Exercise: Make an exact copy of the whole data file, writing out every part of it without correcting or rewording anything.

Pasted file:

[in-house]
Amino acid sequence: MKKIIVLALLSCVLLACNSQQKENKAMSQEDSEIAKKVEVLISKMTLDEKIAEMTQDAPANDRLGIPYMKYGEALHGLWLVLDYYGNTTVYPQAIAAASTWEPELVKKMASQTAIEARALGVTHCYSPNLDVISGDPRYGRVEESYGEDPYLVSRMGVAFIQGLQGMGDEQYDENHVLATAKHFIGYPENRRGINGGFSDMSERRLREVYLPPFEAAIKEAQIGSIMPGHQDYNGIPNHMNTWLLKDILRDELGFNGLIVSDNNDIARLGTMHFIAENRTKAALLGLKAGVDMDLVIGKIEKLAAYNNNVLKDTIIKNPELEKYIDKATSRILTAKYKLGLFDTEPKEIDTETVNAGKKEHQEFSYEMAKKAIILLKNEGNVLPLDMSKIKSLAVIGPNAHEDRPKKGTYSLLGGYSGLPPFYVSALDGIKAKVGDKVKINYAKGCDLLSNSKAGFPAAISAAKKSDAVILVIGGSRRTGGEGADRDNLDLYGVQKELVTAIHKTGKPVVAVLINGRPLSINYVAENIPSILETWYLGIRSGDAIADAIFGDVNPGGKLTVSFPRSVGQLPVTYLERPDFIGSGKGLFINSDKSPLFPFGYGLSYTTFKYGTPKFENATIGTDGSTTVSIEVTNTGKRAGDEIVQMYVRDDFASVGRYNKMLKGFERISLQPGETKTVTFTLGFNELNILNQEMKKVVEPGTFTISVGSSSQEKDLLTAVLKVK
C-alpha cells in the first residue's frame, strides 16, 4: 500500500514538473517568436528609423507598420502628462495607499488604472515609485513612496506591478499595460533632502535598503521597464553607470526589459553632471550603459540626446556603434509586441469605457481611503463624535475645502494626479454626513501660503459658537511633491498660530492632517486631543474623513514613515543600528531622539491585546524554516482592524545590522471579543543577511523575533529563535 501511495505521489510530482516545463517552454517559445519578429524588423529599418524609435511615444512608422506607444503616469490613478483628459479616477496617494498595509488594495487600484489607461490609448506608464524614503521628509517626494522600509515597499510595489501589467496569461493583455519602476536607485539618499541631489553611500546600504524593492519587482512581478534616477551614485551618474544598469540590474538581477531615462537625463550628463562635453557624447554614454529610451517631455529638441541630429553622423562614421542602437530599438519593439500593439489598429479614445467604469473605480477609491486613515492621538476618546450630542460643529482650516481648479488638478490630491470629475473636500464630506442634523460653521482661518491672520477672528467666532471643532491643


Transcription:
[in-house]
Amino acid sequence: MKKIIVLALLSCVLLACNSQQKENKAMSQEDSEIAKKVEVLISKMTLDEKIAEMTQDAPANDRLGIPYMKYGEALHGLWLVLDYYGNTTVYPQAIAAASTWEPELVKKMASQTAIEARALGVTHCYSPNLDVISGDPRYGRVEESYGEDPYLVSRMGVAFIQGLQGMGDEQYDENHVLATAKHFIGYPENRRGINGGFSDMSERRLREVYLPPFEAAIKEAQIGSIMPGHQDYNGIPNHMNTWLLKDILRDELGFNGLIVSDNNDIARLGTMHFIAENRTKAALLGLKAGVDMDLVIGKIEKLAAYNNNVLKDTIIKNPELEKYIDKATSRILTAKYKLGLFDTEPKEIDTETVNAGKKEHQEFSYEMAKKAIILLKNEGNVLPLDMSKIKSLAVIGPNAHEDRPKKGTYSLLGGYSGLPPFYVSALDGIKAKVGDKVKINYAKGCDLLSNSKAGFPAAISAAKKSDAVILVIGGSRRTGGEGADRDNLDLYGVQKELVTAIHKTGKPVVAVLINGRPLSINYVAENIPSILETWYLGIRSGDAIADAIFGDVNPGGKLTVSFPRSVGQLPVTYLERPDFIGSGKGLFINSDKSPLFPFGYGLSYTTFKYGTPKFENATIGTDGSTTVSIEVTNTGKRAGDEIVQMYVRDDFASVGRYNKMLKGFERISLQPGETKTVTFTLGFNELNILNQEMKKVVEPGTFTISVGSSSQEKDLLTAVLKVK
C-alpha cells in the first residue's frame, strides 16, 4: 500500500514538473517568436528609423507598420502628462495607499488604472515609485513612496506591478499595460533632502535598503521597464553607470526589459553632471550603459540626446556603434509586441469605457481611503463624535475645502494626479454626513501660503459658537511633491498660530492632517486631543474623513514613515543600528531622539491585546524554516482592524545590522471579543543577511523575533529563535 501511495505521489510530482516545463517552454517559445519578429524588423529599418524609435511615444512608422506607444503616469490613478483628459479616477496617494498595509488594495487600484489607461490609448506608464524614503521628509517626494522600509515597499510595489501589467496569461493583455519602476536607485539618499541631489553611500546600504524593492519587482512581478534616477551614485551618474544598469540590474538581477531615462537625463550628463562635453557624447554614454529610451517631455529638441541630429553622423562614421542602437530599438519593439500593439489598429479614445467604469473605480477609491486613515492621538476618546450630542460643529482650516481648479488638478490630491470629475473636500464630506442634523460653521482661518491672520477672528467666532471643532491643